Now clearly, I do this partly because the only financial aid I was given for my graduate studies is the meager teaching assistantship. This means I’m carrying more debt than some small countries. Still, I don’t do just any burglaries. In fact, I like to think of myself as a secret warrior in the long tradition of nerdy secret warriors—like Superman, Spiderman, and the Hulk. I find this a comforting thought when I’m looking in a mirror, spending another night alone, or thinking back over my poor performance at the Porta Potty fiasco.
In my more whimsical moments, I can even imagine myself in a black leather jumpsuit.
Today’s house belongs to Leonard Blagg. Our client, as usual, is his ex-wife. She’s given us a list of stuff she wants along with info to facilitate the job. I work with Merlin, who doesn’t look anything like a wizard in spite of his preferred nom de guerre—he looks more like the wizard’s pet ferret—but he came up with this innovative business plan, maybe because he’s pursuing a much more materialistic MBA.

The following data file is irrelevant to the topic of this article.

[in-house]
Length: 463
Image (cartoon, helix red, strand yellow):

So I’m watching the sliver of street I can barely see around Blagg’s house—which looks sort of like the Parthenon meets some medieval castle—for Blagg’s Mercedes—even though his ex has assured us he’ll be at the state capitol all day—while Merlin searches the flower beds for a rock.
Which isn’t a real rock, of course, but a receptacle for a key.